On Monday, Japan battled to escape a potential power crisis as temperatures rose across the country, with authorities warning of higher-than-expected demand after the rainy season finished in the capital, Tokyo, at the earliest since record-keeping began.
Surging power prices are making life difficult for Japanese customers less than two weeks before an election for the upper chamber of parliament, after higher fuel costs spurred on by Russia’s invasion of Ukraine.
A power outage could wreak havoc on the ruling Liberal Democratic Party (LDP), which is already under pressure for its management of rising consumer prices.
‘Electricity consumption has been remaining over yesterday’s expectation since this morning, amid unexpectedly severe temperatures,’ a Ministry of Economy, Trade, and Industry official said at a news briefing, adding that demand had outpaced predictions.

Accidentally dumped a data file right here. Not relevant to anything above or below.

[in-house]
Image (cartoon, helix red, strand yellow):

Tuesday was likely to be the same, according to a later statement.
Temperatures in downtown Tokyo were 35.1 C (95.2 F) around 4:00 p.m., but in Sano, somewhat to the north, they were 39.8 C. (103.6 F).
From 4:30 p.m. to 5 p.m. (0730 GMT to 0800 GMT) on Monday, reserve generating capacity could fall as low as 3.7 percent, close to the minimum of 3 percent required to ensure stable supply, according to Ministry officials. Power shortages and blackouts are possible if the rate falls below 3%.
He suggested shutting off lights that were not in use, reducing the usage of air conditioners, and avoiding heat stroke.
Tokyo residents said they were doing everything they could to comply, but some questioned the requests.
‘It’s not that I don’t understand what the government is saying,’ Kenichi Nagasaka, 61, said, ‘but they want us to save power while still using air conditioning, which seems contradictory.’
Weather officials said the annual rainy season had ended earlier than usual across much of Japan, including the Tokyo metropolitan area, since records began in 1951.